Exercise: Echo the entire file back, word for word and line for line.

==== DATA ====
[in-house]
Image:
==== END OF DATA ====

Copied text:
[in-house]
Image: